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Table of contents
THE LADIES' BOOK OF USEFUL INFORMATION. Preface
CONTENTS
PERSONAL BEAUTY-1
PERSONAL BEAUTY-2
PERSONAL BEAUTY-3
PERSONAL BEAUTY-4
PERSONAL BEAUTY-5
PERSONAL BEAUTY-6
PERSONAL BEAUTY-7
TREATING OF MISCELLANEOUS MATTERS-1
MARRIAGE-1
MARRIAGE-2
MARRIAGE-3
LOVE AND MARRIAGE-1
WHEN TO MARRY-HOW TO SELECT A PARTNER ON RIGHT PRINCIPLES
SEXUAL INTERCOURSE-ITS LAWS AND CONDITIONS-ITS USE AND ABUSE
MARRIAGE
PREGNANCY-LABOR-PARTURITION-1
PREGNANCY-LABOR-PARTURITION-2
MENSTRUATION
COLLECTION OF VALUABLE MEDICAL COMPOUNDS
THINGS FOR THE SICK ROOM
THINGS CURIOUS AND USEFUL
HOME DECORATION
FLORAL
HOW TO DO YOUR OWN STAMPING AND MAKE YOUR OWN PATTERNS. BRONZE WORK
CHAPTER 18
INDEX
HARRIS's LIST OF COVENT-GARDEN LADIES. INTRODUCTION
HARRIS's LIST OF COVENT-GARDEN LADIES-1
HARRIS's LIST OF COVENT-GARDEN LADIES-2
HARRIS's LIST OF COVENT-GARDEN LADIES-3
HARRIS's LIST OF COVENT-GARDEN LADIES-4
HARRIS's LIST OF COVENT-GARDEN LADIES-5
HARRIS's LIST OF COVENT-GARDEN LADIES-6
HARRIS's LIST OF COVENT-GARDEN LADIES-7
HARRIS's LIST OF COVENT-GARDEN LADIES-8

fluids, which are of great value in all diseases, either acute or 

chronic, that are attended or followed by prostration; debility, 

whether general or of certain organs only; derangement of the 

digestive organs, weak stomach, indigestion, heartburn or sour 

stomach, constipated bowels, torpidity or want of activity of the 

liver, thin or poor blood. These fluids are highly nutritious, 

supplying to the blood, in such a form that they are most easily 

assimilated, the various elements which are needed to enrich it and 

thus enable it to reproduce the various tissues of the body that have 

been wasted by disease. In cases where the stomach has become so 

weakened and sensitive that the lightest food or drinks cannot be 

taken without causing much uneasiness and distress these fluids are 

invaluable. They strengthen the stomach and neutralize all undue 

acidity, while at the same time they soothe the irritation by their 

bland and demulcent qualities. When carefully and properly prepared, 

according to the directions following, they very nearly resemble rich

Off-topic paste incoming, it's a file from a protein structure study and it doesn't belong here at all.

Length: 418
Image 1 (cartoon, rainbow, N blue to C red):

new milk in color and consistency, while their taste is remarkably 

pleasant. Care should be taken that all the ingredients are of the 

best quality. Soft water must be used in all cases. Fresh rain water 

is to be preferred, but spring water may be used if perfectly soft. 

Hard water will cause the fluids to be of a yellow color, and if the 

milk is old they are apt to separate: 

 

 

FLUID NO. 1. 

 

Put a pint of new milk (the fresher the better) and two pints of soft 

water, in a vessel perfectly free from all greasy matter, over a slow 

fire. Rub two even teaspoonfuls of superfine wheat flour and two 

teaspoonfuls of carbonate of magnesia, together with a little milk, 

into a soft batter, free from lumps; add this to the milk and water as 

soon as they begin to boil. Boil gently for five minutes--_no 

longer_--stirring constantly. Pour into an earthen or glass dish to 

cool, adding at the same time two teaspoonfuls of loaf sugar and one 

teaspoonful each of saleratus and table salt, rubbed fine. Stir until 

cold. The fluid must not be allowed to remain in a metallic vessel of 

any kind, and it must be kept in a cool place. 

 

 

FLUID NO. 2. 

 

Put one pint of fresh milk and two pints of soft water in a vessel 

over a slow fire. Rub together with a little fresh cream into a soft 

batter, free from lumps, one tablespoonful each of good sweet rye 

flour, ground rice, and pure starch; which add to the milk and water 

as soon as they begin to boil. Boil for five minutes, stirring 

constantly. Remove from the fire and add three teaspoonfuls of loaf 

sugar and one teaspoonful each of saleratus and table salt. Observe 

the same precautions as in No. 1. 

 

 

FLUID NO. 3. 

 

Put in a vessel, over a slow fire, one pint of fresh milk and two 


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